Threadbare Cider and Mead
We are named for Johnny Chapman, or Johnny Appleseed, who walked to Pittsburgh from Massachusetts in the 1790s. Johnny Chapman spent the rest of his long life collecting apple seeds from Cider Mills along the Monongahela River. He then carried these seeds across the frontier into Ohio and Indiana to establish orchards for frontiers people moving westward.
Growing apples from seed is a terrible way to grow culinary or eating apples, but it produces fantastic cider apples. Johnny was a true lover of animals and the land. And he believed that grafting apple trees hurt the trees and this is why he grew cider apples from seed. He gave all of his money from these orchards to animal causes and lived in poverty, without a home of his own his entire life. He often also gave away his trees for used clothing and was described in primary documents as having a threadbare appearance, hence our name. He’s a fascinating guy and we tell his whole story on our Saturday tours which are a ton of fun.
How it all got started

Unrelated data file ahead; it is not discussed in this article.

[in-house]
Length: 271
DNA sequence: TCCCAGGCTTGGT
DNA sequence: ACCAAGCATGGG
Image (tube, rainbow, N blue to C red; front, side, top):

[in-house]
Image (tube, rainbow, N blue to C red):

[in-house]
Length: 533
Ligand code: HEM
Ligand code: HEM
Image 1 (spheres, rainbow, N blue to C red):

It started with Whiskey. Five years ago, at our family-owned Distillery in Pittsburgh we started making seasonal whiskeys that celebrated the regions’ apple bounty. Whiskey finished with apple wood staves; Walkabout, whiskey proofed down with local apple cider. Before we knew it we were deep into apples and regional apple history, including falling in love with our quirky Pittsburgher, Johnny Appleseed Chapman.
And that was before we started getting deep into the goodie box of apple yeasts and ferments, diving into Pommeau and apple brandies.
At the same time we found a second barrelhouse for our burgeoning whiskey inventory and tucked behind it was a 10,000 square foot historic tannery, oozing with charm (ie construction complexities and budget overruns) that was just begging to be a ciderhouse.
So here we are pumping out farmhouse, bottle conditioned, hopped, wild fermented, and barrel aged ciders. And we’re so glad you’ve joined us to explore a new American cider frontier.